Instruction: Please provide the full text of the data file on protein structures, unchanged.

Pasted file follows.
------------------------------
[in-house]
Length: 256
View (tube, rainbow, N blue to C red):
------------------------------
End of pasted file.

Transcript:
[in-house]
Length: 256
View (tube, rainbow, N blue to C red):